San Francisco is a treasured respite from mainstream America. One of the most beautiful cities in the US, and arguably the most broadminded, its people take pride in their liberal sanctuary. The conservatism engulfing the rest of the nation can be suffocating at times but in San Francisco the culture seeps into your system – just breathe in the avant-garde air.
A city comprised of steep hills and diverse neighborhoods, there are literally hundreds of San Francisco hotels to choose from. Downtown (around Union Square and SoMa) offers all the big name chains – Best Western, Crowne Plaza, Hilton, Hyatt, Marriott, Raddison – but we chose the smaller independent Mosser Hotel for its innovative package deals and mixed budget options.
True to San Francisco's all-embracing nature, The Mosser Hotel seamlessly blends economical rooms with shared hall bath and deluxe rooms with private bathrooms. This cute-as-a-button hotel has retained a Victorian exterior whilst completely revamping its innards. We recommend The Mosser Hotel for single female travellers in particular, or for anyone who values personal security, favours being central to just about everything, and appreciates modern amenities including great artwork, WiFi for tech heads, a recording studio for creative types and double-double paned windows to keep out the traffic noise (bless them!).
Plus you sleep soundly with the knowledge that a portion of The Mosser Hotel's revenue goes towards reforestation, literacy and education programs. Don't be fooled into thinking this is a first-rate hostel though. The Mosser Hotel is a charming boutique hotel, but one with no self-catering facilities. You can't even make a cup of tea in your room. But who needs tea when you've got San Francisco at your doorstep? Literally.
With over three thousand restaurants crammed onto the small peninsula, you won't go hungry in San Francisco. Thankfully, San Franciscans have a grasp on moderation when it comes to eating. Annabelle's Bar & Bistro, attached to The Mosser Hotel, offers a continental breakfast for US$9.95 but there are cheaper options around town. As if bacon and eggs on toast wasn't enough of an artery plug, try a bacon, egg and cheese croissant at Franciscan Croissant (cnr Grant Ave and Sutter St).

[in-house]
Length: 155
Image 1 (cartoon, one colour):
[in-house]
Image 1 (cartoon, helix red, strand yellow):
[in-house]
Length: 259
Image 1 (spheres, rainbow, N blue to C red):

For cheap eats you can't go past a Mission burrito. For more discerning foodies, head to the Castro or upscale Nob Hill. We tried the wine bar Mecca, which proved to be dark and seductive; our cash mysteriously vaporising with every drink. Our best meal in San Francisco came unexpectedly from the city's financial district. Perbacco offers exceptional Northern Italian cuisine accompanied by an extensive wine list, outstanding service, reasonable prices and absolutely no hint of pretension.
We were also in San Francisco for the start of Dungeness crab season; a crustacean renowned for its sweet buttery flavour. At this time of year you'll find crab on the menu of every restaurant in town (think Bubba Gump and his endless repertoire of shrimp dishes and you'll come close to the gastronomic variations of crab meat on offer). For absolute freshness, handpick a live crab from the street stalls along Fisherman's Wharf and have it cooked in front of you. The anticipation is agonising: side effects include hopping from one foot to the other, salivating and the unconscious readying of cutlery.
A crisp beer makes a good companion to the velvety Dungeness crab. If you think all American beer is as bad as Budweiser, then you're in for a pleasant surprise. There are plenty of microbreweries around San Francisco to keep you intoxicated on full-flavoured brews: San Francisco Brewing Company, Anchor Brewing, Speakeasy Ales & Lagers, and my favourite, Magnolia Pub & Brewery. The San Franciscans are particularly into their pale ales and India ales.
If your palate leans more towards wine then you're also in luck. The US is the fourth leading wine-producing country in the world (after France, Italy and Spain), and Californian wineries produce a whopping 90% of all US wines. Read more Californian wine statistics here. Sonama and Napa Valley, a day trip from San Francisco are the best known Californian wine regions.